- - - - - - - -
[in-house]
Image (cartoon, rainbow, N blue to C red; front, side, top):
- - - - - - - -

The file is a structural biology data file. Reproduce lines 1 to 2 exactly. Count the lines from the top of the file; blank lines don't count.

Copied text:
[in-house]
Image (cartoon, rainbow, N blue to C red; front, side, top):